Generative AI Applications Need Privacy and Security Controls
Entering personal or confidential information into generative AI applications without a full understanding of the potential impact raises serious concerns. Those who are producing or making these applications available may not be implementing proper data privacy and security controls, and most end users are likely unaware of what will happen to their information. Personal data may be shared with other users or released to the public, leading to potential identity theft or privacy violations, and confidential corporate data could be exfiltrated to third parties or competitors.
Still, only 50 percent of respondents to Cisco’s 2023 survey said they have refrained from entering personal or confidential information into the tools. That means that the other 50 percent have likely entered information that they would not want shared. Regardless of the application, it’s critical that personal or confidential information be protected and not shared with anyone who shouldn’t have access to it. Generative AI tools can be used, but appropriate guardrails are required to protect certain data from being leaked or abused.
Why Trust Is Critical with Generative AI
Trust has always been critical in social and business relations, even more so today when technology can make one thing seem like another: take for example deepfakes, where copy, photos, video and other data are falsified. Who is responsible and accountable for keeping our personal information secure and our private lives private? Governments, businesses and consumers each have a role to play.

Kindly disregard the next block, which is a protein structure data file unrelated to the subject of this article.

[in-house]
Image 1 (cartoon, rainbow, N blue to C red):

Our research shows that 91 percent of organizations say that they need to do more to reassure their customers about how their data is being used. And Cisco’s 2023 research notes that 60 percent of consumers say that they have lost trust in providers over AI use. If customers can’t trust companies’ generative AI policies and practices, stronger regulations may be necessary. However, as generative AI is still so new, it will take time for governments to adopt and enact new regulations — and even longer for those regulated to implement the requirements.
With so many organizations already getting significant value from generative AI, the technology is clearly here to stay. Consumers today are entering data into these tools, despite their concerns about how the data might be used or shared. This puts the onus on businesses to adopt strong guardrails that protect the security, fairness and privacy of the data, helping them to preserve the hard-earned trust of their customers.